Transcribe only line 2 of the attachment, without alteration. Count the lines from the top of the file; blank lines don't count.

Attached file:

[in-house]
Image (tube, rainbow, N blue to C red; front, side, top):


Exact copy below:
Image (tube, rainbow, N blue to C red; front, side, top):